iOS is designed with advanced security technologies that offer enterprise-grade protection for corporate data while maintaining a great user experience. This comprehensive approach to security allows for end‑to‑end control of devices, data, and apps and keeps users focused on being productive.
iOS delivers a secure architecture throughout, covering everything from the startup process to third-party apps. It includes a “sandboxed” approach to application runtime protection and requires application signing to prevent tampering.
Secure Boot Chain
Every step in the startup process — from the bootloaders, to the kernels, to the baseband firmware — is signed by Apple to ensure integrity. Each step in the process is verified completely before moving to the next.
App Code Signing
To ensure that all apps come from a known and approved source and have not been tampered with, iOS requires that all executable code be signed. Built-in apps like Mail are signed by Apple. Third-party apps must be signed using a certificate from the iOS Developer Program.
Entitlements are used to perform specific operations that would otherwise require the process to run with administrative privileges. This greatly reduces the potential for a compromised app to access parts of the system it shouldn’t.
If the Boot ROM of an iOS device is unable to load or verify the lowest levels of the firmware, it enters Device Firmware Upgrade (DFU) mode. Restoring a device after entering DFU mode returns it to a known good state with the certainty that only unmodified Apple-signed code is present.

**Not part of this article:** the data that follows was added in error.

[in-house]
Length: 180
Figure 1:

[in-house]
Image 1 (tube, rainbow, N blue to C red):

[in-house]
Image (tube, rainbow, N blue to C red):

iOS uses System Software Personalization to prevent the installation of unauthorized system software and to ensure software updates are exactly as they were provided by Apple.
Address Space Layout Randomization
In iOS, ASLR is used to ensure all system apps and libraries are stored in random locations in memory to make the successful exploitation of a software bug much more difficult.
App Store Review Process
All apps in the App Store have been reviewed to make sure they follow developer guidelines, work as advertised, and don't contain malicious code.
All third-party apps are “sandboxed,” so they are restricted from accessing files stored by other apps or from making changes to the device. This prevents apps from gathering or modifying information that they should not have access to.
Enterprise App Distribution
In order to distribute custom in-house apps to employees, an enterprise must join the iOS Developer Enterprise Program and create an Enterprise Provisioning Profile that permits the app to run on the devices it authorizes.
If one step of the secure boot process is unable to load or verify the next, boot-up is stopped and the device displays the ”Connect to iTunes” screen. Once in this Recovery Mode, the device must be restored to factory defaults via iTunes.
A provisioning profile is a file that must be used in order to install and run a custom in-house app. It authorizes enterprise apps to run on iOS devices, and can be created via the iOS Developer Enterprise Program.
iOS devices provide hardware encryption for all data stored on the device, data in transmission, and additional encryption of email and application data with enhanced data protection.
Every iOS device has a dedicated AES 256-bit crypto engine built in that is used to encrypt all data on the device at all times.